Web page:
• New ! USA. Making Skills Everyone’s Business
    2015; Julie Strawn. ‘A call to transform Adult Learning in the United States. It offers seven strategies that hold great promise for improving the conditions that create and perpetuate poor literacy, numeracy, and problem solving’.
  • New ! Motivating Factors for Adult Learners in Higher Education
    2015; Olusegun Agboola Sogunro. ‘This paper presents eight top most motivating factors for adult learners in higher education. The study concludes that these eight factors are critical to eliciting or enhancing the will power in students in higher education toward successful learning. The implications for practice and further research are also discussed’. USA.
  • New ! Older Adult Education : New Public Pedagogy in 21st Century Taiwan
    2015; Ya-Hui Lee. ‘In response to the impact of population ageing and low fertility rates, numerous elementary schools, junior high schools, and universities have allocated resources and space to establish learning centres and learning camps for senior citizens, providing them with the opportunity to learn. Older adult education extends beyond the classroom and into society, forming a new public pedagogy in Taiwan’. Taiwan.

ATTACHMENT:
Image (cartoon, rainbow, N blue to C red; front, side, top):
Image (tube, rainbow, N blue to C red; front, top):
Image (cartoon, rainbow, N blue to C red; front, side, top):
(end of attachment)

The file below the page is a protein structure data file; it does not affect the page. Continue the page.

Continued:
• New ! Qualification of Adult Educators in Europe : Insights From the Portuguese Case
    2015; Caterina Paulos. ‘This article explores the role of the European Union in defining an adult education policy and the way European countries appropriate those guidelines and implement them in their realities’. Portugal
  • New ! The Study of Effective Practice in the Teaching of Reading to Adult Learners
    2013; Greg Brooks, Maxine Burton, Pam Cole, Marcin SzczerbiƄski. ‘This was the largest study in Britain to date of the strategies used to teach reading in adult literacy classes, and the first to attempt to correlate that evidence with measures of change in learners’ reading attainment and attitudes to literacy’. UK.
  • New ! Transforming our world : Literacy for Sustainable Development
    2015; UNESCO. ‘The literacy programmes featured in this publication are drawn from every region of the world and testify to the central role of literacy in responding to sustainable development challenges such as health, social equality, economic empowerment and environmental sustainability’.
  • New ! What Works for Disconnected Young People : A Scan of the Evidence
    2016; Louisa Treskon. ‘The purpose was to conduct a scan of the current state of the evidence regarding what works in helping disconnected young people, defined as the population of young people ages 16 to 24 who are not connected to work or school’. USA.

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Universities of The Third Age